The term “asexual” has been defined in many different ways and asexuality has received very little research attention. In a small qualitative study (N = 4), individuals who self-identified as asexual were interviewed to help formulate hypotheses for a larger study. The second larger study was an online survey drawn from a convenience sample designed to better characterize asexuality and to test predictors of asexual identity. A convenience sample of 1,146 individuals (N = 41 self-identified asexual) completed online questionnaires assessing sexual history, sexual inhibition and excitation, sexual desire, and an open-response questionnaire concerning asexual identity. Asexuals reported significantly less desire for sex with a partner, lower sexual arousability, and lower sexual excitation but did not differ consistently from non-asexuals in their sexual inhibition scores or their desire to masturbate. Content analyses supported the idea that low sexual desire is the primary feature predicting asexual identity.
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An outline of the interview is available from the corresponding author upon request.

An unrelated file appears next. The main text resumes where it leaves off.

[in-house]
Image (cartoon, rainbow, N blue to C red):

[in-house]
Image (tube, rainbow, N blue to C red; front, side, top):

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The authors wish to thank the research assistants whose work contributed to this project: Shandi Yuodzukinas, Jeff Gluckman, Ryan McCracken, and Mary White. Also, we wish to thank Martin Weinberg and the members of the Psychopathology and Neuropsychometry Laboratory Reading Group at Indiana University, William P. Hetrick, Paul D. Kieffaber, Chad R. Edwards, and Christine A. Carroll, for their helpful comments.
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Prause, N., Graham, C.A. Asexuality: Classification and Characterization. Arch Sex Behav 36, 341–356 (2007). https://doi.org/10.1007/s10508-006-9142-3
- Sexual arousability
- Sexual desire
- Sexual orientation